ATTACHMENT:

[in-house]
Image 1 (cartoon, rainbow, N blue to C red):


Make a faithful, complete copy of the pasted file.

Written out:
[in-house]
Image 1 (cartoon, rainbow, N blue to C red):